— Battles of Cold Harbor, June 1‑3, 1864, — and Operations about Petersburg, June to Dec., 1864; as Bearer of Dispatches from General Grant to General Indicates a West Point graduate and gives his Class.Sherman when moving upon Savannah, Dec., 1864, — and to General Indicates a West Point graduate and gives his Class.Schofield, Feb., 1865, being present at the Capture of Wilmington, N. C., Feb. 22, 1865; and in the Siege of Petersburg, Mar. to Apr. 2, 1865, — and Pursuit of the Rebel Army under General

(Bvt. Colonel, Mar. 13, 1865, for Gallant and Meritorious Services during the Rebellion)

(Bvt. Brig.‑General, Mar. 13, 1865, for Gallant and Meritorious Services in the Field during the Rebellion)

Indicates a West Point graduate and gives his Class.Lee, terminating with the Capitulation at Appomattox C. H., Apr. 9, 1865, the place of the Meeting of the contending Generals being selected by him.

Colonel, Staff — Aide-de‑Camp to the General-in‑Chief, July 25, 1866.

Major, Corps of Engineers, Mar. 21, 1867.

Served: at the Headquarters of the General Commanding the Armies of the United States, Apr. 9, 1866, to Mar. 4, 1869, and, under the orders of the President of the United States, at the Executive Mansion, till Mar. 3, 1877; as Superintending Engineer of Public Buildings and Grounds, and certain Public works in the District of Columbia, June 1, 1871, to Mar. 3, 1877, — of Washington Aqueduct, Oct. 13, 1871, to Mar. 3, 1877, — of Chain Bridge over the Potomac River, June 25, 1872,

(Colonel, ex officio, by Act of Congress,
Mar. 3, 1873, to Mar. 3, 1877)

to Mar. 3, 1877, — of Anacostia Bridge across the Eastern Branch of the Potomac, July 21, 1874, to Mar. 3, 1877, — of the construction of the East Wing of the Building for the State, War, and Navy Departments, Mar. 25, 1875, to Mar. 3, 1877, — of the Fifth Light-house District, Mar. 12, 1877, to June 2, 1884, — and of the Sixth Light-house District, Aug. 26, 1882, to June 2, 1884; and as Member of Commission to determine location of General Scott's Statue, June, 1871, — and of Board for Improvement of Washington and Georgetown Harbors, Mar. 5, 1872, to Mar. 3, 1877.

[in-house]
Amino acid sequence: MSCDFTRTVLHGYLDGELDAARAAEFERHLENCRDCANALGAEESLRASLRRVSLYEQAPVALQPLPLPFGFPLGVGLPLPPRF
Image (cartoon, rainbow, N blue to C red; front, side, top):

Drowned, June 2, 1884, in Mosquito Inlet, Fla.: Aged 48.a

Buried, Arlington National Cemetery, Arlington, VA.b


Thayer's Notes:

a The account of his death and obituary notice, in The New York Times, June 4, 1884, reads:

Gen. Babcock Drowned

Lost with two Friends and a Sailor in Florida.

The accident occurring in an attempt to cross Mosquito Inlet Bar in a small boat during a high wind.

Jacksonville, Fla., June 3. — Gen. O. E. Babcock, Levi P. Luckey, of Baltimore; B. F. Sutter, of Washington, and one seaman, were drowned at 2:30 o'clock yesterday afternoon while trying to cross Mosquito Inlet Bar in a small boat during a high wind. So far only the body of Gen. Babcock has been recovered. A special to the Times-Union from Daytona, which gives the above news, says the following details of the accident are all that can be obtained at present:

Gen. Babcock and party left Baltimore at noon of May 19 on the light-house tender Pharos, a two-masted schooner, bound for Mosquito Inlet, 20 miles below the mouth of the St. John's River, on the Florida coast, where the Government is building a light-house. The Pharos put into Charleston and left there on May 28, having encountered adverse winds all the way. A heavy north-east gale began on the 29th, in the midst of which the Pharos made St. John's light and came to anchor off the bar with two cables out. A pilot was signaled for, and although the sea was running half-mast high one reached the Pharos, and Gen. Babcock sent the following message to Dr. J. C. Lengle, of this city, proprietor of the steam towing tugs on the river: